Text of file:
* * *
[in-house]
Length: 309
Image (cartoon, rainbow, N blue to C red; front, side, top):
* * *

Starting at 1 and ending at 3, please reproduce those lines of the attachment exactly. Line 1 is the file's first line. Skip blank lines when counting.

[in-house]
Length: 309
Image (cartoon, rainbow, N blue to C red; front, side, top):